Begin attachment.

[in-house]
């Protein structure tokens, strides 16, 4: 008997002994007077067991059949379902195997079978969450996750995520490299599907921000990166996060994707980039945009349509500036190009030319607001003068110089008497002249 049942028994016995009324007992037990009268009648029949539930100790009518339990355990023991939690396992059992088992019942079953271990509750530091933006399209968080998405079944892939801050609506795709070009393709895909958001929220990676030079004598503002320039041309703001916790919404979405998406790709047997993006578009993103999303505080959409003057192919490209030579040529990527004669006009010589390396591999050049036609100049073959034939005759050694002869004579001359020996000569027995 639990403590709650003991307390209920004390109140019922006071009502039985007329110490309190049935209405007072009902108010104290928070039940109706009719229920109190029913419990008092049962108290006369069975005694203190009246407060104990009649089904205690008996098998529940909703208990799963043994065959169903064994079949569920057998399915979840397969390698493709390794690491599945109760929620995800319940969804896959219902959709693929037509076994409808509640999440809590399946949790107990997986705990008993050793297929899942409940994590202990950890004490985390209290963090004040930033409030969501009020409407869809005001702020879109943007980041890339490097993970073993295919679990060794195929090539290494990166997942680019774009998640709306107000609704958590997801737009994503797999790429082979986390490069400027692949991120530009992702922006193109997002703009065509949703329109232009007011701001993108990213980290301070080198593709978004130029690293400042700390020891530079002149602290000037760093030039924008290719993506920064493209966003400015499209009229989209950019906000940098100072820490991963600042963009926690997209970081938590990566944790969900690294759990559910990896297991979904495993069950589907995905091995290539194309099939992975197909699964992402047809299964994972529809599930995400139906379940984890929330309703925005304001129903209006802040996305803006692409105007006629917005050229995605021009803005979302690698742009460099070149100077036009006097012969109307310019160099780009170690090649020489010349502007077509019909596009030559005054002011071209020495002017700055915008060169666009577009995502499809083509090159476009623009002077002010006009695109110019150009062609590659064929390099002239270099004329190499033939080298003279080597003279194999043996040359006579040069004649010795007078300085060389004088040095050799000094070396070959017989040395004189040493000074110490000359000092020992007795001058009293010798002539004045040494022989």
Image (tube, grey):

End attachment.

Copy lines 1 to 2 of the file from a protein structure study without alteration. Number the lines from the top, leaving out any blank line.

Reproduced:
[in-house]
């Protein structure tokens, strides 16, 4: 008997002994007077067991059949379902195997079978969450996750995520490299599907921000990166996060994707980039945009349509500036190009030319607001003068110089008497002249 049942028994016995009324007992037990009268009648029949539930100790009518339990355990023991939690396992059992088992019942079953271990509750530091933006399209968080998405079944892939801050609506795709070009393709895909958001929220990676030079004598503002320039041309703001916790919404979405998406790709047997993006578009993103999303505080959409003057192919490209030579040529990527004669006009010589390396591999050049036609100049073959034939005759050694002869004579001359020996000569027995 639990403590709650003991307390209920004390109140019922006071009502039985007329110490309190049935209405007072009902108010104290928070039940109706009719229920109190029913419990008092049962108290006369069975005694203190009246407060104990009649089904205690008996098998529940909703208990799963043994065959169903064994079949569920057998399915979840397969390698493709390794690491599945109760929620995800319940969804896959219902959709693929037509076994409808509640999440809590399946949790107990997986705990008993050793297929899942409940994590202990950890004490985390209290963090004040930033409030969501009020409407869809005001702020879109943007980041890339490097993970073993295919679990060794195929090539290494990166997942680019774009998640709306107000609704958590997801737009994503797999790429082979986390490069400027692949991120530009992702922006193109997002703009065509949703329109232009007011701001993108990213980290301070080198593709978004130029690293400042700390020891530079002149602290000037760093030039924008290719993506920064493209966003400015499209009229989209950019906000940098100072820490991963600042963009926690997209970081938590990566944790969900690294759990559910990896297991979904495993069950589907995905091995290539194309099939992975197909699964992402047809299964994972529809599930995400139906379940984890929330309703925005304001129903209006802040996305803006692409105007006629917005050229995605021009803005979302690698742009460099070149100077036009006097012969109307310019160099780009170690090649020489010349502007077509019909596009030559005054002011071209020495002017700055915008060169666009577009995502499809083509090159476009623009002077002010006009695109110019150009062609590659064929390099002239270099004329190499033939080298003279080597003279194999043996040359006579040069004649010795007078300085060389004088040095050799000094070396070959017989040395004189040493000074110490000359000092020992007795001058009293010798002539004045040494022989």